Additive manufacturing not only has the potential to deliver truly personalised products and flexible manufacturing systems, but new design freedoms and business models. Due to technological and industry advances, the 3D printing ‘desktop’ revolution has created product and business opportunities today that tap into the long term potential of additive manufacturing.
Despite major technological advancements over the last 50 years, spectacle manufacture remains virtually unchanged and is still the most common method of correcting impaired vision worldwide. Developments in additive manufacturing technologies are seeing them move from a prototyping tool to the manufacture of low volume production items for products as diverse as aircraft parts and cookie cutters. This raises the question of what these emerging technologies could offer eyewear designers.
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PA’s design team recently explored this theme at the 2014 London Design Festival’s TENT exhibition. In their shop of the future, a user would scan their face, let the software work out the optimal fit as they virtually try on and adjust different styles, before going on to 3D print the self-coloured frames.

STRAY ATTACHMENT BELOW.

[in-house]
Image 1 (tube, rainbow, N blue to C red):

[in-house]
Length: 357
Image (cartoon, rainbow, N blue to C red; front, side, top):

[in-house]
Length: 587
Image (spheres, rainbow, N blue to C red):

The stand demonstrated how existing, affordable cutting-edge technologies such as digital FDM 3D printing can already be used to create unique ranges of highly personalised fashion products. The stand also facilitated a discussion about the value of 3D printing in retail and at home, and the role of users and designers in the future of consumer products.
At PA we have been using additive and 3D printing technology from the start, developing new consumer offerings built around emerging digital manufacturing platforms.
Our human-centred approach drives breakthrough innovation and design. Identifying and satisfying user needs can generate revenue growth by delighting the customer.
At our Global Innovation and Technology Centre, we develop products from initial research and concept design, through development, prototyping, manufacture, supply chain set-up and support.